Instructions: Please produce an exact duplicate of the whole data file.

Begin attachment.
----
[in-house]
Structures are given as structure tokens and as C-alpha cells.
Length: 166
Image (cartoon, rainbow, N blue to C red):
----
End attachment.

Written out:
[in-house]
Structures are given as structure tokens and as C-alpha cells.
Length: 166
Image (cartoon, rainbow, N blue to C red):